Early medieval English language and literature
Although the ultimate theme of “The Seven Sleepers” can be located in its medieval Christian doctrine—the bodily resurrection is real, and therefore it is in the afterworld where one finally, really “lives,” with shining body and soul together—I would like to argue that, in the Old English version’s emphasis on the highly individualized emotion…[Read more]
Through an analysis of Tony Kushner’s 2001 play “Homebody/Kabul” and the Old English “Ruin” poem, this essay explores the tension, anxiety, and isolation inherent in the aesthetic and philosophical enterprises of measuring the distance that separates myth from real being (a project that takes place, I would argue, against Levinas, not just o…[Read more]
An overview of the “state of the field” of critical post/humanist studies that also argues for the important intervention of premodern studies into contemporary post/humanist studies, and which serves as the Introduction (with chapter summaries) to “Fragments for a History of a Vanishing Humanism,” eds. Myra Seaman and Eileen A. Joy (Ohio State…[Read more]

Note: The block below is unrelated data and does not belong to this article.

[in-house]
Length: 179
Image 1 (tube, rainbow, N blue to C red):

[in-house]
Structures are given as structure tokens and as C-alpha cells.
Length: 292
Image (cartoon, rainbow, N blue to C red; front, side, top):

This is an Accepted Manuscript, for an article forthcoming in Antiquity (2019), and remains subject to pre-publication type-editing and proofing. Please cite as James M. Harland, ‘Memories of Migration? So-called “Anglo-Saxon” Burial Costume of the 5th Century AD,’ Antiquity 93 (2019). A link to the final publication at Cambridge University Press…[Read more]
The Leiden University Old English ColloQuest is a digital, dynamic edition that adapts to each individual learner to offer an appropriate level of challenge. In particular, the type and frequency of the glosses are determined by diagnostic questions, which allows for effective adaptation to the learning needs of an individual user. As such, each…[Read more]